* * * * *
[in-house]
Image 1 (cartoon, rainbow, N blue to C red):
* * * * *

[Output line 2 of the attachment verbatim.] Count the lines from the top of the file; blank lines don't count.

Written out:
Image 1 (cartoon, rainbow, N blue to C red):